About Estes Park
If you’ve never been to Estes Park, there is a lot to learn. The local tourism association has compiled a very nice web site containing plenty of useful information.
Rocky Mountain National Park information, including the status of Trail Ridge Road, can be found on the park’s web site maintained by the National Park Service.
Don’t think of Estes Park as just a summer destination, read on:
There is no doubt summer is a great time to visit, but it is also the busiest time of year. To avoid crowds, think about visiting other times of year. Soon after temperatures start to trend downward as summer wanes and fall approaches, elk mating season begins (called the Rut) in September and can last into early October. This is such a fun time to visit and observe the behavior of territorial bulls defending their harems. At the same time this is going on, aspen leaves start to yellow, beginning first at higher elevations and progressing down the mountains as October approaches. The already gorgeous landscape becomes magical!
Winter in Estes Park is not as brutal as you might think. Because of its location on the dry side of the continental divide, annual snowfall only averages 33” a year, more in the mountains. The average high in January is 39 degrees. Not too extreme for being in such a mountainous location. Estes Park is blessed to see the sun about 300 days a year, so this helps melt snow and brighten moods quicker than other parts of the country where gray skies can last for weeks on end. The biggest drawback of winter: it’s the windiest season of the year. RMNP is open throughout winter and offers opportunities for winter hiking, snowshoeing, cross-country skiing and more. Winter hiking in the mountains is a beautiful and unique experience that should be on the bucket list of every passionate hiker. Elk tend to stay at lower elevations in winter and are seen more frequently in and around town.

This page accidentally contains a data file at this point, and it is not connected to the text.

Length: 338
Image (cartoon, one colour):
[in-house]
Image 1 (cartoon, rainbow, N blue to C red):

As winter’s grip loosens and spring has sprung, the air around the valley takes on an essence of rebirth and regrowth. Brown turns to green. Rivers and streams become full with meltwater and mountain trails begin to reveal their earthen treads out from under retreating snow lines. Crowds are still light in the spring season so, along with warming temperatures and lengthening days, this is one of the premier times of year to visit. The big crowds won’t arrive until June, so enjoy a quieter–but no less beautiful–getaway in Estes Park.
As you can see, Estes Park and RMNP are beautiful anytime of year…and we’ve got the perfect place for you to stay right in the middle of it all!